In the years since, I've found that if one doesn't use such a machine often, leaving it stored away, it'll do it again, but this kept both of my old machines running just fine and didn't cost me anything. I seem to remember buying some white lithium grease someplace once, also, to put on the cams. It was a mess to use and you have to use only a very small amount, but if nothing else works, might help.
If you are brave and want to try it, it helps to look around on the web to fine pictures of how to open the back of your particular model. It's usually very easy, though possibly not obvious at first. There's also a yahoo group devoted to fixing sewing machines on your own called "wefixit", where members are quite nice about answering questions on how to solve common sewing machine problems. Much can be learned from the posts there, it's saved several of my sewing machines over time and so far, have never had to take any of my machines in to be repaired. (That's not because I am against it, it's just that it's expensive to do and if I can do it myself, it is the only way to keep SEWING.)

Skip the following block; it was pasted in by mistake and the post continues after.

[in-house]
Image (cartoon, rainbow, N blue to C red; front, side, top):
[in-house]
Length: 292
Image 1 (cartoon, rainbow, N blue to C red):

My Kenmore model 385 sewing machine won't go in reverse. What could be my problem? Serial # 51006274.
It's a broken gear inside your machine - this isn't a home fix. You need to take your machine to a qualified sewing machine repair tech.
I do repair-refurbs on my Sewing 101 student's machines, mainly Singers but some of the other brands as well. Please believe me - the problem with your machine isn't something you can take care of yourself at home, it requires access to parts, the tools (specialised) to do the work, and the hideously expensive service manual with all the information needed to perform the repair.
On my White 505, to fill the bobbin I turn the clutch nut counterclockwise, put bobbin on spindle and push bobbin winder to right and then fill bobbin. When the bobbin is full, I push the bobbin winder to the left and turn the clutch nut clockwise to engage the sewing mechanism. Now the clutch nut will not turn back and catch, so the sewing mechanism cannot engage. Can I fix this myself? I had the machine overhauled last year. I haven't used it a lot, but it worked fine and now this.
By DJeanB 
Good to hear you take your vintage White sewing machine for regular servicing:) Among other things, the repair tech would have checked your machine over for potential problems in addition to the servicing he/she performed for you last year. Unfortunately what you're describing (a worn/broken bobbin gear assembly) is next to impossible to see coming.